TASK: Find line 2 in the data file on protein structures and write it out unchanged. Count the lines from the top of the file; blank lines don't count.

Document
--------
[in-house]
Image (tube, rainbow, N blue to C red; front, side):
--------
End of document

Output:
Image (tube, rainbow, N blue to C red; front, side):